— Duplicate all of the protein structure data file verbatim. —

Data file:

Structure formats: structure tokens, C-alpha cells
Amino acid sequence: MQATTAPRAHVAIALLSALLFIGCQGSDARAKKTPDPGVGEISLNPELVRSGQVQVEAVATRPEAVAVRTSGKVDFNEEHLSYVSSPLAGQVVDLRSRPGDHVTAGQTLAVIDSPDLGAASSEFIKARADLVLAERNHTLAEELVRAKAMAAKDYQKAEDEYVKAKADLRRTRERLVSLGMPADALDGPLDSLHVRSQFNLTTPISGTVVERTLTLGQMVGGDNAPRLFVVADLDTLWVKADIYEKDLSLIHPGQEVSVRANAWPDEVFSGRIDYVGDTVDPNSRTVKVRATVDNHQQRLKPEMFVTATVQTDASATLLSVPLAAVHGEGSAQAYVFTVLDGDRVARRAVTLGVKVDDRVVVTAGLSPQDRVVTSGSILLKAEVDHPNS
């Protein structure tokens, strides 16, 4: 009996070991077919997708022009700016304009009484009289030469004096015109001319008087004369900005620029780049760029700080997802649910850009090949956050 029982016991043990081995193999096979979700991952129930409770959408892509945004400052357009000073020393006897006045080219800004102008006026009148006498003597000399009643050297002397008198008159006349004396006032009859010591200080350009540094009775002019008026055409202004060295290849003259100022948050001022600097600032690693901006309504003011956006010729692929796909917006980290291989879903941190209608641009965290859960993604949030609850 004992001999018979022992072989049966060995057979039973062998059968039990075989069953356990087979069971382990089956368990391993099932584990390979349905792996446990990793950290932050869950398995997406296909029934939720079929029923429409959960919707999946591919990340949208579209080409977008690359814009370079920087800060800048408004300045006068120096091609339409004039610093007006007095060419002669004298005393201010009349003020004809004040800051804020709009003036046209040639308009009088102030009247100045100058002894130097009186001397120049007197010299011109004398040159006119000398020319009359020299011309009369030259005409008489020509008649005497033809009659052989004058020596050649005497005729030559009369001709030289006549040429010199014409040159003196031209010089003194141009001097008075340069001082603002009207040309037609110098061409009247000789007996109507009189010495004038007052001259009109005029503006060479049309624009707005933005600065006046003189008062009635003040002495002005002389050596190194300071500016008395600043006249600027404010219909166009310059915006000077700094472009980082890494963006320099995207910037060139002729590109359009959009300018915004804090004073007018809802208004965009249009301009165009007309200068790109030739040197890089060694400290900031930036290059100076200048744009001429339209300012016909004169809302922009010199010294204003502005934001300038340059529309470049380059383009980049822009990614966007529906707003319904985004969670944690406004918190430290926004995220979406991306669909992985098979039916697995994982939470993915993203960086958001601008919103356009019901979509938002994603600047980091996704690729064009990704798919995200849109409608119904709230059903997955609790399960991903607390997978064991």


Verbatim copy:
Structure formats: structure tokens, C-alpha cells
Amino acid sequence: MQATTAPRAHVAIALLSALLFIGCQGSDARAKKTPDPGVGEISLNPELVRSGQVQVEAVATRPEAVAVRTSGKVDFNEEHLSYVSSPLAGQVVDLRSRPGDHVTAGQTLAVIDSPDLGAASSEFIKARADLVLAERNHTLAEELVRAKAMAAKDYQKAEDEYVKAKADLRRTRERLVSLGMPADALDGPLDSLHVRSQFNLTTPISGTVVERTLTLGQMVGGDNAPRLFVVADLDTLWVKADIYEKDLSLIHPGQEVSVRANAWPDEVFSGRIDYVGDTVDPNSRTVKVRATVDNHQQRLKPEMFVTATVQTDASATLLSVPLAAVHGEGSAQAYVFTVLDGDRVARRAVTLGVKVDDRVVVTAGLSPQDRVVTSGSILLKAEVDHPNS
């Protein structure tokens, strides 16, 4: 009996070991077919997708022009700016304009009484009289030469004096015109001319008087004369900005620029780049760029700080997802649910850009090949956050 029982016991043990081995193999096979979700991952129930409770959408892509945004400052357009000073020393006897006045080219800004102008006026009148006498003597000399009643050297002397008198008159006349004396006032009859010591200080350009540094009775002019008026055409202004060295290849003259100022948050001022600097600032690693901006309504003011956006010729692929796909917006980290291989879903941190209608641009965290859960993604949030609850 004992001999018979022992072989049966060995057979039973062998059968039990075989069953356990087979069971382990089956368990391993099932584990390979349905792996446990990793950290932050869950398995997406296909029934939720079929029923429409959960919707999946591919990340949208579209080409977008690359814009370079920087800060800048408004300045006068120096091609339409004039610093007006007095060419002669004298005393201010009349003020004809004040800051804020709009003036046209040639308009009088102030009247100045100058002894130097009186001397120049007197010299011109004398040159006119000398020319009359020299011309009369030259005409008489020509008649005497033809009659052989004058020596050649005497005729030559009369001709030289006549040429010199014409040159003196031209010089003194141009001097008075340069001082603002009207040309037609110098061409009247000789007996109507009189010495004038007052001259009109005029503006060479049309624009707005933005600065006046003189008062009635003040002495002005002389050596190194300071500016008395600043006249600027404010219909166009310059915006000077700094472009980082890494963006320099995207910037060139002729590109359009959009300018915004804090004073007018809802208004965009249009301009165009007309200068790109030739040197890089060694400290900031930036290059100076200048744009001429339209300012016909004169809302922009010199010294204003502005934001300038340059529309470049380059383009980049822009990614966007529906707003319904985004969670944690406004918190430290926004995220979406991306669909992985098979039916697995994982939470993915993203960086958001601008919103356009019901979509938002994603600047980091996704690729064009990704798919995200849109409608119904709230059903997955609790399960991903607390997978064991």